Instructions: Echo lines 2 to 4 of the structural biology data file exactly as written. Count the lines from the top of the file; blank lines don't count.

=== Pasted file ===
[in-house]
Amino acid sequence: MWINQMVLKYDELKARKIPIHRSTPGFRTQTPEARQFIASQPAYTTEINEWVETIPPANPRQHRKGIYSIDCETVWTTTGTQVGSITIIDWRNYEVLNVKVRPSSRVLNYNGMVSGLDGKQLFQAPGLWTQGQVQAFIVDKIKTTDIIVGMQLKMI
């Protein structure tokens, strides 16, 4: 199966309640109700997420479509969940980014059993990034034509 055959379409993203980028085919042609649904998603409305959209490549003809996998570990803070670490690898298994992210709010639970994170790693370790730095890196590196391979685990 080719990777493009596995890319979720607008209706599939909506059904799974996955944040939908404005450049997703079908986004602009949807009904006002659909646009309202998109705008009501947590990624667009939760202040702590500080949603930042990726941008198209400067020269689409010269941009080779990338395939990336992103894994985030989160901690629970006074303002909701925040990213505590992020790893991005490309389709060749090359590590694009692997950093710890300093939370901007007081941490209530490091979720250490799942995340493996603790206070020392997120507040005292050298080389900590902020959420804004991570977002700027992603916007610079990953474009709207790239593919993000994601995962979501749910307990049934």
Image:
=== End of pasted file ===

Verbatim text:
Amino acid sequence: MWINQMVLKYDELKARKIPIHRSTPGFRTQTPEARQFIASQPAYTTEINEWVETIPPANPRQHRKGIYSIDCETVWTTTGTQVGSITIIDWRNYEVLNVKVRPSSRVLNYNGMVSGLDGKQLFQAPGLWTQGQVQAFIVDKIKTTDIIVGMQLKMI
């Protein structure tokens, strides 16, 4: 199966309640109700997420479509969940980014059993990034034509 055959379409993203980028085919042609649904998603409305959209490549003809996998570990803070670490690898298994992210709010639970994170790693370790730095890196590196391979685990 080719990777493009596995890319979720607008209706599939909506059904799974996955944040939908404005450049997703079908986004602009949807009904006002659909646009309202998109705008009501947590990624667009939760202040702590500080949603930042990726941008198209400067020269689409010269941009080779990338395939990336992103894994985030989160901690629970006074303002909701925040990213505590992020790893991005490309389709060749090359590590694009692997950093710890300093939370901007007081941490209530490091979720250490799942995340493996603790206070020392997120507040005292050298080389900590902020959420804004991570977002700027992603916007610079990953474009709207790239593919993000994601995962979501749910307990049934």
Image: